Before we get much further into August, I thought I’d write post about Tour de Fleece
before I forget everything. I’m pretending the Tour just ended along with July for as long as I can before my middle son heads to college and my oldest returns to college. Anyway…
I joined a sort of familiar team on Ravelry, Team Fibernate and Solitude Wool. I’ve known the Solitude Wool women for a few years and I knew a few of the team members, like The Fiberists, but I wasn’t familiar with Fibernate. Unfortunately, I was unable to attend all of the in-person meet-ups and missed out on the neat passport system the team started – attend an event, get a stamp, and at the end of the TdF, the people with the most stamps are entered into a prize drawing. Next year, next year – the events all looked fun and interesting and online encouragement & camaraderie are great, but nothing beats both in person. But I didn’t participate in TdF at all in 2016, so I’m just happy I spun this year and had a team to keep up with in terms of pretty yarn making pictures.
I didn’t have any specific goals in mind this year other than to spin each day, which was easy until I got the Wonder Woman Shawl commission. I began the Tour spinning a braid of Spunky Eclectic BFL on my spindles since I was out of town that first weekend. I initially just split the braid in half and started, but I decided I didn’t want to do a 2 ply or chain ply it – I wanted to break the colors up more and try fractal spinning. So when I got home, I guestimated how much I’d already spun (not much) and split the remaining fiber into thirds. I continued to spin the first third as it was dyed, with the color sequence pink, teal, pink, teal, pink (or something like that). The second third I broke in half, then in half again so I had 4 thin strips of roving: (pink, teal, pink, teal, pink) x 4. And the last third, I broke into 8 even thinner strips of (pink,teal, pink,teal, pink). In theory, this breaks the color up enough so that when plied the resulting yarn is less likely to be a solid color.
The yarn I ended up with is mostly the classic barber pole look that results from a fractal spin, but I think a fractal spin is more suited to 3 or more colors because there were a few spots where I ended up with a solid strand, though some of the plies varied tonally.
The other thing that I didn’t even think about was the visual blending of the colors – the resulting skein is much more purple than what I anticipated. When the braid was dyed, the pink and teal mixed in a few places to make purple (or perhaps Amy dabbed some purple in a few spots), but I didn’t think the final skein would have the overall purple tone it does – it’s kind of magical. Caveat: color theory is a weak point for me. I did take a color theory class at one of my local yarn stores with an indie dyer who shall remain nameless because instead of starting with the color wheel and jumping into actual theory, she started and ended with colors in nature, which is more color inspiration than theory. I know there are resources online for studying color theory, I just haven’t gotten around to using them after than expensive and deflating experience.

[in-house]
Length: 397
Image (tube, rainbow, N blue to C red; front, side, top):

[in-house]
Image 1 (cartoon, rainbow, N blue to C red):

Technique-wise, I spun all of the singles on spindles, winding off the finished singles into a plying ball, my first time using one. I used my center pull winder to make a 2 ply ball and then made a 3 ply ball using that and the singles right off a spindle. I didn’t account for the difference in tension between two plies coming from a ball and one being pulled from a spindle, so my plying ball was kind of doomed from the start to be wonky. The final 3 ply yarn shows this in spots where I was unable to correct the mismatch in ply length that resulted from the tension problems while winding. I think it’ll be a while before I try another plying ball.
When I finished the Spunky Eclectic braid, I decided to spin the batts detailed in the Addendum to this post. Do blog posts have addendums? Well, this one does. After I spun those batts, I started in on:
A batt of merino (not cormo – whoops) that I dyed all the way back in 2011 using indigo and butterfly bush. The batt was 1.8 oz (53g) and semi-felted in places. I decided to chain ply the final yarn (no more plying balls, thanks!) and began spinning straight from the batt, which was semi-felted in places. Rather than stopping and running the whole thing back through my drum carder, which would make more neps than what I was already encountering, I just tore the batt into one continuous strip 1-2″ wide.
I didn’t finish spinning this batt until yesterday
, long after the tour ended. I chain plied it on the porch in the afternoon since it was so nice out (in the upper 70s, low 80s), and then washed and whacked it and this morning it’s dry. It did turn out a little more neppy than I thought it would; I ended each spinning sessions with neps that I had picked out surrounding me on the floor and thought I got them all, but the final yarn shows more. Anyway, I’m happy with it and I think I’ll continue to spin down my fiber stash even though Tour de Fleece is over. In the spirit of my Monday lists, Done!
4 thoughts on “Belated Tour of My Tour de Fleece 2017”
I like how the batt cleaned up into beautiful yarn–even if it was slightly felted in places. It came out beautifully! And you likely know by now: I am a sucker for purples, so the first spin looks perfect to me 🙂 I’m glad you enjoyed the tour. Your team sounds like fun.
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Have to say I think your spun yarn looks much better than the original fleece! 🙂
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Oh, I agree – I don’t think I’ll ever try dyeing a whole batt again! Locks & roving & yarn: yes; a batt: no.